Is dual booting Windows and Ubuntu Safe?

I have recently dual booted Windows and Ubuntu without any issues, Is there any changes should I make after doing it. In some sites I saw that for few people after upgrading windows versions the grub changes and can face some problems. And some people say that they do not recommend dual booting. Is dual boot really safe??

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Yes.

Not “changes”, per sé, but you should always keep backups of everything. Then you are also prepared for anything that might go wrong.

See Q5

Hi,
Windows tends to ruin (take over precedence of) GRUB sometimes.
Because Win wants to be the first entry in UEFI startup list.
The trick is to fulfill this whish of Windows, let it be the very first entry, but deactivate it, so it won’t boot in the first place.
The utility to dp that is efibootmgr.
You need 3 calls of it:
1: get the list of entries
2: set windows be the first entry, Grub the second one
3: deactivate the first (Windows entry)
You could look up man efibootmgr, or wait for me tp come back. I’m far from my PC, and can’t lookup this for you on my phone. I’ll do it for you later, if you still need it :slight_smile:

Do you mean should I change my grub order to windows first and Ubuntu to next.

I have set my default boot loader as windows.
Please have a look of the attached image it shows order of my grub, In this my Ubuntu is at the ‘0’ position and windows is at ‘2’ position, should I interchange this??

Please correct me if I am wrong.

Thank you.

No way! Efi boot order is not the grub boot order!
If you are unsure, wait until I’m able to help in detail.

Ok sure I will wait…!:+1:

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So, here I am :slight_smile:
I show you an example, rather than putting here command to copy/paste.
I hope you’ll get the idea :wink:
So the tool is efibootmgr, if you start it without parameters,
it will just list the entries.
Because I’m lazy, I don’t write many sudo commands usually, just login as root, or enter ‘sudo su’ to get the privileges.
So for the example, as the first step, just display the EFI boot entries (this doesn’t need to be root):

gazda@gep:~$ efibootmgr
BootCurrent: 0000
Timeout: 1 seconds
BootOrder: 0000,0002,0001,0004,0005
Boot0000* debian
Boot0001* UEFI:CD/DVD Drive
Boot0002* 1 Windows Boot Manager
Boot0004* UEFI:Removable Device
Boot0005* UEFI:Network Device

This is exactly the setup, that Windows will likely ruin at some time, because Debian is the first entry here.
You see, the second in the boot order is 0002, which is the Windows boot manager.
We want to get it into the first place and deactivate it.
To do this I need to be root of course… :slight_smile:
sudo su
efibootmgr -b 0002 -A

That will deactivate the 0002 entry, which is here the Windows boot manager.
You may have a different number, apply the number you got for Windows boot manager at the first step.
Result looks like:

root@gep:/home/gazda# efibootmgr -b 0002 -A
BootCurrent: 0000
Timeout: 1 seconds
BootOrder: 0000,0002,0001,0004,0005
Boot0000* debian
Boot0001* UEFI:CD/DVD Drive
Boot0002 Windows Boot Manager
Boot0004* UEFI:Removable Device
Boot0005* UEFI:Network Device

So the Windows boot manager got deactivated, it will not be started, even if it’s the first entry in the list.
But it’s still the second on the list (see ‘BootOrder’).
I tell efibootmgr to rearrange the entries by giving it the new order:
efibootmgr -o 0002,0000,0001,0004,0005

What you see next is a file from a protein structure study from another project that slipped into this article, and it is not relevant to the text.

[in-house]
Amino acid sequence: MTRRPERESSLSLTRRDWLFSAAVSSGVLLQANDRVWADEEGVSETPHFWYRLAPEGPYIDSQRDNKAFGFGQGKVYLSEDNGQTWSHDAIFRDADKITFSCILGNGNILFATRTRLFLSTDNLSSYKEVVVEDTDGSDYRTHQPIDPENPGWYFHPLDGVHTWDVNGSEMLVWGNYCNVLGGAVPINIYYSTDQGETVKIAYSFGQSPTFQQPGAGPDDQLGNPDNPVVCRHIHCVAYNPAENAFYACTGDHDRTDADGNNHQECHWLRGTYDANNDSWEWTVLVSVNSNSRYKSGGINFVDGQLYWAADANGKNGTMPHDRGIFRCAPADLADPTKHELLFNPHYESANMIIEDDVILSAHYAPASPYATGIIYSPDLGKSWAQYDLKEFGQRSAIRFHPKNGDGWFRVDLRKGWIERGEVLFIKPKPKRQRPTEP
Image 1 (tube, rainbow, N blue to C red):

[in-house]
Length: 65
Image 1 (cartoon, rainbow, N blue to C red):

Again, you will likely have different numbers and entries on your list, so you need to adapt this example to your system)
So Windows boot manager (already deactivated) will be the first entry, the second will be my Linux install (well, the GRUB of it, which will also show me the option to start windows).
Result looks like this:

root@gep:/home/gazda# efibootmgr -o 0002,0000,0001,0004,0005
BootCurrent: 0000
Timeout: 1 seconds
BootOrder: 0002,0000,0001,0004,0005
Boot0000* debian
Boot0001* UEFI:CD/DVD Drive
Boot0002 Windows Boot Manager
Boot0004* UEFI:Removable Device
Boot0005* UEFI:Network Device

That’s it. Time to time (probably at big updates?) windows installs new boot manager for itself, but so far it only checks that it’s the first entry in the EFI boot list, doesn’t check wether it’s active or not.
So Windows will update itself as it wishes, but won’t hurt GRUB, because Windows boot manager being inactive, never started by EFI, always the first active (GRUB in our case) will be the really booted entry.
That’s all. As long as windows doesn’t check it’s own entry being active, this trick protects GRUB from windows updates effectively.
Hope I could help :wink:

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Thanks a lot.

“You see, the second in the boot order is 0002, which is the Windows boot manager.
We want to get it into the first place and deactivate it.”

Do you mean I should change it to '0’th position??

Simple is better.
I dislike dual booting as it’s inherently problematic. Especially given hardware prices these days.

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With the older computers I never had issues dual booting. The newer? I’ve had constant battles after updates using Dell. That just made me finally go full mode Linux. Now I just run windows 7 in a virtual box so I can do my time card with excel. I was using Libre calc for that for years but after a newer version it was horrible to try and use. That’s the only thing I use windows for anymore and I suppose if I spent more time I could work out the problems with Libre office.

Linux tends to be more stable, the older the hardware is it runs on. I explained that already in an older post, however I didn’t find it.

When hardware is 10 years or older, Linux developers had more than enough time to fix all the Linux problems and quirks related to the hardware.

However, if you use new(er) hardware, you are likely to encounter issues, especially if you do not use the most bleeding edge kernel. I’d say, from the perspective of a Linux power user, any hardware that is younger than 5 years, is “very new” and might cause issues.